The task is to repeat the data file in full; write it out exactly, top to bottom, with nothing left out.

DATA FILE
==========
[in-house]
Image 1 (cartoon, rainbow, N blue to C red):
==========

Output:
[in-house]
Image 1 (cartoon, rainbow, N blue to C red):